Trying to avoid credit pitfalls

Area schools consider teaching personal finance class to teens
By Rachael Scarborough King The Bulletin
Published: June 27. 2007 5:00AM PST

Recent high school graduates across Central Oregon are still celebrating their newfound independence a few weeks after local graduation ceremonies. But along with their mortarboards, the teenagers may have tossed their financial security up in the air.

Students as young as 16 are seeing multiple credit card applications coming in the mailbox, and some high schoolers now have their own cards before graduation. At the same time, teachers, administrators and credit counselors say they do not think there is enough personal finance instruction at the high school level.

Some schools in the region are introducing curricula to help students with the post-high school transition from living with the parents to living on one’s own.

School officials in Crook County are planning to introduce a personal finance class as a graduation requirement for the coming school year. Crook County High School Principal Jim Golden said the class will replace the current economics requirement.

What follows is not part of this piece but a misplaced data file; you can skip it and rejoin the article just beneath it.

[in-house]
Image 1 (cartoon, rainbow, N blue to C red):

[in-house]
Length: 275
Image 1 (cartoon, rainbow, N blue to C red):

“We felt that it was a way for us to help teach our students who already are involved in using credit or will be to understand how credit works, what it means to be fiscally responsible and how to run your own personal finances in an efficient and prosperous way so that you don’t end up with massive credit card debt,” Golden said. “We felt like it was more pressing for all of our students to have a solid understanding of personal finance issues because they directly relate to their lives and affect directly the quality of their lives.”

He added that students will take the class for one trimester during either their junior or senior year.

“We’re hoping (that) when kids leave, they have information about buying a house, buying a car, running your bills in the black on a monthly basis, staying away from bad credit — which is consumer credit — and understanding the good credit,” he said.

On his own

Although he never took a personal finance class in school, Andrew McClain, who will be a senior at Mountain View High School in the fall, has already learned what it’s like to manage his own finances. Andrew, 16, said he moved out on his own about four months ago because of family problems.

“I decided to move out and start my own life,” he said. “It’s difficult — it takes a lot of perseverance.”

Andrew said he lives with roommates and works as a courtesy clerk at Albertsons to support himself. During the school year, he said, he worked about 35 hours per week, and now that school is out for the summer, he is working full time.